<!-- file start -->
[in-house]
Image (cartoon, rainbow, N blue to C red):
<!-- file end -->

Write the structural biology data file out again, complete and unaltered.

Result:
[in-house]
Image (cartoon, rainbow, N blue to C red):